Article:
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# Intercepts

## 5.3 Solution of Trigonometric Equations

#### Basic Trigonometric Equations (Sine and Cosine)

• The most basic equations in polynomials would be linear equations, such as ax+b=c (which gives you x=\frac{c-b}{a}). The trigonometric equivalent ones would be \sin t =a or \cos t =b, and you are supposed to solve for t.
• Be careful, as solving trigonometric equations are not as simple. Refer to the examples below.
• For each such equations, unless a restriction on x (or more commonly used in trigonometric, \theta), there will be infinite or no solutions for x. This is because of the periodic and symmetric properties that they have.
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## 1.6 Trigonometric Functions

#### Graphs of Sine and Cosine Functions

• The graph of where -\pi<x<3\pi are plotted below. Do note that it extends beyond the drawn range.
• There are a few observations we can make, and we can tie it back to what we have already learnt:

i) The graph repeats itself after an interval of 2\pi units. We say that the graph has a period of 2\pi, and hence is called a periodic function. Previously, we have learnt that \sin(x+2\pi).

## 1.4 Logarithmic Functions

#### The Logarithmic Function

• The logarithmic function with base is defined as follows:

a^{x} = b is equivalent to log_{a}{b}=x, where a \in R^{+}\setminus \left \{ 1 \right \} .

Note:a \in R^{+}\setminus \left \{ 1 \right \}‘ means that could be any positive number, excluding 1.

• The expression log_{a}{y}=x is read as: ‘the logarithm of y to the base a is equal to x’.

Example

## 1.3 Exponential Functions [Free]

#### The Exponential Function

• The exponential function is defined as follows:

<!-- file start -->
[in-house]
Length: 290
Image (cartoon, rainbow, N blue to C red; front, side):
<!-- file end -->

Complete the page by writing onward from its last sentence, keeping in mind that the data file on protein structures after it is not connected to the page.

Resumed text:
y=a^x, where a \in R^+\backslash {1}.

Note:a \in R^+\backslash {1}’ means that could be any positive number, excluding 1.

Example

9=3^{2}=3 \times 3 is equivalent to log_{3}9=2.

8=16^{\frac{3}{4}}=\sqrt[4]{16^{3}}=\sqrt{\sqrt{16 \times 16 \times 16}}.

Graph & Properties

Read More »1.3 Exponential Functions [Free]

## 1.2 Power Functions

#### Introduction to Power Functions

• Power functions are functions with the form f(x)=x^{n}, where n is a rational number.
• Some examples of power functions are:

f(x)=x^{2},\ f(x)=x^{4},\ f(x)=x^{\frac{1}{4}},\ f(x)=x^{-5},\ f(x)=x^{\frac{1}{3}}

• The expression x^n is read as: ‘x to the power of n’.

Drawing Power Functions (for Positive Integers) and its Graph Properties

## 1.1 Introduction to Graph Sketching

#### Introduction to Graph Sketching

• In this section, 3 types of functions will be introduced accordingly:

i) Power functions, y=x^n, where is a number, n\neq 0.

This will be further extended into polynomial functions, which has the general form y=a_{n} x^{n}+a_{n-1} x^{n-1}+\ldots+a_{1} x+a_{0}, where a_i are real numbers, a_n\neq 0.

ii) Exponential functions, y=a^x and also logarithm functions, y=log_ax.

iii) Trigonometric functions or circular functions, which includes y=\sin x,\ y=\cos x,\ y=\tan x and more.

Read More »1.1 Introduction to Graph Sketching

## Exponential and Logarithm Functions

This tutorial covers material encountered in chapter 5 of the VCE Mathematical Methods Textbook, namely: Exponential functions Index laws Log functions Log laws and change… Read More »Exponential and Logarithm Functions